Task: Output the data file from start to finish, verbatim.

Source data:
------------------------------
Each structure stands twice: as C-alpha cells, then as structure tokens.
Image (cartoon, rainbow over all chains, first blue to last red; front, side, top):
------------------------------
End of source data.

Each structure stands twice: as C-alpha cells, then as structure tokens.
Image (cartoon, rainbow over all chains, first blue to last red; front, side, top):